Having a strong employer brand can make a difference on whether you can secure a great candidate for a vacancy or how a news outlet portrays you to the public. Read this blog to find four tips for enhancing your employer brand: http://blog.capital.org/strengthen-your-employer-brand-with-4-tips/ .

Social media allows organizations to increase their brand awareness and interact on multiple levels with their customers. Although your company will experience several benefits when taking part in different networking sites, there are risks to be aware of as well. Protect your company’s reputation and review tips for creating a social media policy here: http://blog.capital.org/create-a-social-media-policy-to-protect-your-business-and-employer-brand/.

Building trust in an organization is no easy feat. Time, dedication and care are essential for keeping trust nurtured and sustained. Trust improves almost every business facet, including retention, morale, communication, customer service and productivity. Please take a look at these four ways to build and sustain trust at your organization: http://blog.capital.org/four-ways-to-build-and-sustain-trust-in-your-workplace/.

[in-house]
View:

For additional ways to bolster your company’s reputation with future job candidates, please call CAI’s Advice and Resolution Team at 919-878-9222 or 336-668-7746.

 

6 Reasons Taking Your Vacation Will Improve Your Work Performance

Tuesday, June 17th, 2014